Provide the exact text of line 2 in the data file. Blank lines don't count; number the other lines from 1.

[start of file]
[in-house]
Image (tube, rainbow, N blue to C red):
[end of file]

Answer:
Image (tube, rainbow, N blue to C red):